Last week, the Centre for Climate-Neutral Metallurgical Thermal Processes was opened in Freiberg: With this new technical centre, scientists at TU Bergakademie Freiberg are investigating how energy-intensive processes that are currently powered by natural gas can be supplied with energy using renewable methods. They are focussing primarily on the melting of metals, but also on the ceramics and glass industries. One way of making these processes greener is electrification. Ideally, the necessary energy is supplied by electricity from renewable sources.

"With the new centre for climate-neutral metallurgical thermal processes, we want to find solutions now for the current challenge of many industries that want to replace natural gas as an energy source in the near future. Our goal is emission-free thermal processes that we optimise through a closed-loop system," says Professor Gotthard Wolf, Head of the Foundry Institute at TU Bergakademie Freiberg.

In order to get closer to this goal, two technologies have already been developed at TU Bergakademie Freiberg that could replace natural gas burners in the future. By using green electricity, the process step of melting aluminium, for example, becomes completely CO2-free. These are a plasma-heated hot gas torch and an induction-heated hot gas torch. "Each of the electrically operated torches could be replaced in existing melting furnaces without the mostly medium-sized foundries having to invest in alternative furnaces," explains Prof Gotthard Wolf.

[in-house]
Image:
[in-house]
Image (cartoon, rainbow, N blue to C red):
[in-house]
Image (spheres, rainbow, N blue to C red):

The team now wants to further test the two technologies in the new technical centre on the TU Bergakademie Freiberg campus and check their application together with industrial partners. The construction of the new technical centre, which cost around 1.3 million euros, was made possible by the university and the Foundry Institute's own funds.